What a shame the current version uses the same trick as UPS etc, etc and attempts to make the logo appear ‘3D’.
The 1979 version has so much more presence.
jez: Normally I would agree with you, but in this case I don’t think the way they’ve gone is a mistake. It mimics what the badge looks like on the cars. By doing so, they evoke the sex appeal that a BMW badge embedded in the hood of one of their gorgeous cars has. Personally I get a much stronger sort of primal reaction to the modern logo.
I see what you mean Shaun, but I don’t know how well it would translate to other applications such as print.
Actually, maybe that doesn’t matter too much these days.
Very nice post. Currently I am working on a book about car logo design history. Bmw is a very nice example of consistency (like all german motor brands) and this show us that great, simple idea can last many years.
I think it would be nice if BMW came out with an ad or something to end the feud of where the logo actually came from. Maybe they always planned for their logo to be controversial. I mean, this way they always have people talking about it. I had never heard any suggestions of where the logo originally came from, but it looks like a lot of people have. This makes me wonder if they came up with all of these stories just to keep people interested in the products.
I’m here searching for a logo hat pin I once had which had multiple colours in the perimeter circles. I’ve been riding BMW motorcycles since 1984. In the BMW motorcycle community that could be considered a “new guy”. It is always simpler for me to explain to my American motorcycling kin the myth about the propeller. I once had the damaged motor of my 1977 R100/7 sitting in my living room on a German child’s sled. Visitors would always ask “what’s that?” I would always reply that it was an airplane engine. Fun for a motorcycle rider is to ask a car driver, “when did they start making cars?” We do this for the frequently asked “I didn’t know BMW made motorcycles, when did they start doing that?”
The article fleshes out the origins of the logo, but doesn’t disprove the propeller “myth.”
I don’t buy it!
You explained why the BMW logo is round, why it has the three letters arranged in a similar way and why it is blue and white. That’s acceptable, but why did the Rapp horse change into the four quarters? That’s the most important point but there’s no explanation for that in the article. You can’t debunk a myth without offering the real reasons, the truth.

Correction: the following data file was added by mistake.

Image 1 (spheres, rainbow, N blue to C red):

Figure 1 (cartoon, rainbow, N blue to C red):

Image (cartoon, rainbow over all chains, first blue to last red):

To me it’s a rotating propeller because BMW made air-plane engines first. That makes sense to me!
I agree. Because the Rapp logo is round, that means the BMW logo is derived from it? Huh?
Give this some thought – the colors may be from the Bavarian flag, and the pattern may be close, but the segmented circle is clearly the engineering symbol for “center of gravity (CG).” I may be out in left fields here, but I can see how this could work its way into the BMW logo.
I am making a Kleenex box cover with the BMW logo on it for a guy. What shade of blue can I use? The pattern says light blue but there are so many shades of blue. I have light blue, blue, royal blue, turquoise. Which one would best represent it? Thanks, will wait for a reply by email.
Did you get an answer to what shade of blue?
There’s another origin story. I’m curious if anyone else is familiar with this, as it’s propagated in Baden Wurttemberg.
The decorated ceramic heaters in the main rooms of Schloss Heidelberg have a family crest on them, the blue and white quadrants in a circle. Tour guides claim this is the model for the BMW crest.
I believe I have an original 1917 glass window hanging emblem and would like to find its worth.
I can’t help with that unfortunately, Gregory. Good luck.